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Thursday, 29 January 2015

Forex- Basic Trading Concepts Defined

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What is Forex-  For the Novice Trader

Opening a price chart

To get started, click on the ‘create marketshot’ button at the top of the trading station. Next, you need to pick a currency pair, select the period, and specify the data range.

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The period is the time interval that the chart updates. For example, a period set to one day (d1) means that each point on the chart represents one trading day of data. A period set to five minutes (m5) means that each point on the chart represents five minutes of data. The data range is the amount of data you want the chart to populate. If you want to look at a full year of data, you’d set the data range to one year.

 

Using candlestick charts

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The default chart type is called a ‘candlestick’ chart. This chart type is used frequently in the forex market. A bar on a candlestick chart shows the open, close, high and low prices for the selected period. The body of the candle shows the open and close prices where the wicks show the high and low prices.

If the closing price is higher than the opening price of the previous candle, then the candlestick will be blue. If instead the closing price is lower than the opening price of the previous candle, then the candlestick will be red. Candlesticks simply make it easier to see if the trading period ended up or down.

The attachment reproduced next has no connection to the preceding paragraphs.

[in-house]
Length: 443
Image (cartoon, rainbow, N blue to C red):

Adding an indicator

Just looking at forex charts can be helpful in making a trading decision, but many traders also use technical indicators to help them make more informed trading decisions. These tools help a trader locate price trends and predict future price movements. The trading station is equipped with over thirty popular pre-loaded indicators. Over six hundred popular and custom indicators are downloadable online. To add an indicator to a chart, right click on the chart and select ‘add indicator.’

 

Drawing a trend line

Prices trend in one of three ways: up (bull market), down (bear market) or sideways (range bound market). A trend line is used to help a trader visually recognise which trend direction is in place. Until the trend is “broken,” a trader can reasonably expect the trend to continue. Trend lines are drawn with the ‘pencil’ tool. Typically, when you draw a trend line, you want to connect two or more extreme high or low prices that define the trend. Here are a few examples:

Up Trend                                          Down Trend                                     Horizontal Trend

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Most Traded Pairs

Although some retail dealers trade exotic (less popular) currencies such as the Thai baht or the Czech koruna, the majority trade the seven most traded currency pairs in the world. The four most popular, also known as "the majors" are:

EUR/USD (euro/dollar) – "euro"

USD/JPY (U.S. dollar/Japanese yen) – "gopher"

GBP/USD (British pound/dollar) - "cable"

USD/CHF (U.S. dollar/Swiss franc) – "swissie"

The three less popular commodity pairs are:

AUD/USD (Australian dollar/U.S. dollar) – "aussie"

USD/CAD (U.S. dollar/Canadian dollar) – "loonie"

NZD/USD (New Zealand dollar/U.S. dollar) – "kiwi"

These currency pairs, along with their various

These currency pairs, along with their various combinations (such as EUR/JPY, GBP/JPY and EUR/GBP) account for more than 95% of all speculative trading in FX. Given the small number of possible trades - only 18 pairs are actively traded - the FX market is much less broad than the stock market. (For more, see Top 8 Most Tradable Currencies and Popular Forex Currencies.)

Reference: FXCM.com

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